|Call it The Good, The Bad and the Doofy, or Julia & Brad's Excellent Adventure. But don't call The Mexican an example of cinema at its best, cause it ain't. If anything, The Mexican is an example of how, among other things, decent actors can, with the "right" combination of character and performance, become absolutely unwatchable.
Part of the problem is that The Mexican is schizophrenic. Is it a doomed-love-type romance? Is it the Roberto Benigni-esque adventures of a dithering idiot? Is it a road movie crossed with a sweeps week episode of Will and Grace? Is it a gangster film in the heavily track-marked vein of Tarantino? Nobody knows! The filmmakers sure as hell didn't! And now they've passed their indecision and confusion on to you, the viewer.
What passes for a plot: a particularly unfortunate car accident makes Jerry (Brad Pitt) the unwilling, and mostly incompetent, bagboy for the mob's L.A. branch. After five years, he's almost worked his way out of debt, but for one last job: retrieving a legendary hand-carved pistol (the eponymous "Mexican") from, der, Mexico. His harpy girlfriend Sam (Julia Roberts) is furious, because they'd planned to move to Vegas together and this last job simply doesn't fit her timetable. Balcony scene. Argument. Jerry takes off for Meh-hee-co; Sam takes off for Vegas.
Could Hollywood please declare a moratorium on the use of "These Boots Are Made for Walkin'" for action sequences? It would make our jobs that much more tolerable.
Sam hits the road, stops at an outlet mall and gets kidnapped by a soft-spoken-yet-quite-homicidal hit man named Leroy, played by The Sopranos' James Gandolfini. Suddenly, the movie gets several shades brighter, smarter, funnier, more interesting and all-around better as Gandolfini appears onscreen. We can't tell if Leroy's calm dispensing of wisdom and occasional menace is part of the comedy, or if we were just glad to see Julia held at gunpoint. Either way, Gandolfini is a blessing.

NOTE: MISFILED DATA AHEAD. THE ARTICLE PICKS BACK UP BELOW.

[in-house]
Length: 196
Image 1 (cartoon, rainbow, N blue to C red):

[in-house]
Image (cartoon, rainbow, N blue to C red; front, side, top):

Back in Mexico, Jerry acquires the Mexican, winds up with a dead body, loses the Mexican, acquires a grizzly dog (one of the movie's finest performances), gets the Mexican back, loses it again, gets help from a mob higher-up flown in for the occasion, blah de blah de gets it back, doodle doodle dee loses it, etc. We're all for twisting plots, but there's a ceiling on the number of twists, folks. If your script requires a flowchart to determine who has the damn gun when, you might want to consider simplifying things a bit.
We're also in favor of the recurring gag. Lord, how we love the recurring gag! We can forgive the recurring gag almost anything. But even we get a little cranky when the recurring gag is obviously used to distract the audience from gaping plot holes. We had to wonder, how do you take so many good actors and turn out such a pile of dung?
We found the answer when we did a little research on the IMDB: The Mexican's director, Gore Verbinski, is best known for the Budweiser frogs. So if you find bad animatronic amphibians croaking the same damn syllables over and over again the height of entertainment, we invite you to enjoy The Mexican. And we encourage you not to breed.